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AirGo: Economy seating for the 21st century airline

A Malaysian engineering student named Alireza Yaghoubi has a bold plane for the airline industry. The name? AirGo. 

AirGo is the brain child of Alireza Yaghoubi.
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Unless you're lucky enough to fly first- or business-class on a regular basis, you're probably well-acquainted with the stifling sorrows of the economy cabin: small seats, narrow aisles, not much leg room, and even less shoulder room. 

Alireza Yaghoubi certainly was. Yaghoubi is an undergraduate student in Malaysia, where he studies engineering. About a year ago, he started sketching out plans for a line of new-fangled, endlessly swiveling, ergonomic airline super chairs – replacements for the old-fashioned numbers that were, as he put it, "far from being in sync with today’s technology."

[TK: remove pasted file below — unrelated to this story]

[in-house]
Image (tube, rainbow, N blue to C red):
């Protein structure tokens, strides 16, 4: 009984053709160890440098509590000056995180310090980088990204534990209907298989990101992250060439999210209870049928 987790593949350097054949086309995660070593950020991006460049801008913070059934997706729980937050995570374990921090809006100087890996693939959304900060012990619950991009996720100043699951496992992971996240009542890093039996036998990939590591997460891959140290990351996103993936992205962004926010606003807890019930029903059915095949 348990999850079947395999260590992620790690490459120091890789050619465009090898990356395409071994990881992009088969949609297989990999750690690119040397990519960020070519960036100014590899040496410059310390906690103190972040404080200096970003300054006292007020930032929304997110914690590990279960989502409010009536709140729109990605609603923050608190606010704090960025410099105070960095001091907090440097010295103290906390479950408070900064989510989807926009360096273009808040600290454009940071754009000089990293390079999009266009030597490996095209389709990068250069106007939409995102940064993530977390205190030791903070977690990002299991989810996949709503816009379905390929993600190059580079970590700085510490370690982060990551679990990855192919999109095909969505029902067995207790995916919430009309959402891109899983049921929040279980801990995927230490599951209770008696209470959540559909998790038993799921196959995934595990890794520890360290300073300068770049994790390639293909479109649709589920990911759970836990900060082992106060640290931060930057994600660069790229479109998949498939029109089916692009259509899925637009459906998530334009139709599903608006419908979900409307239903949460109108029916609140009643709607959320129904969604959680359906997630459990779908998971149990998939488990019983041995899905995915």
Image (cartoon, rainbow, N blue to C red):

He called the system AirGo, a play – according to ABC News – on "ergo," or "ergonomic."

Had Yaghoubi simply drawn these plans on the back of the napkin, we might never have heard of him or AirGo. But instead, he submitted them to the James Dyson Award committee, which issues prizes to particularly innovative student engineers around the world. A few bloggers reported on the AirGo idea, and then a few more, and by early Wednesday afternoon, Yaghoubi was on his way to being Internet famous. (Although he still appears to have only a couple followers on Twitter.) 

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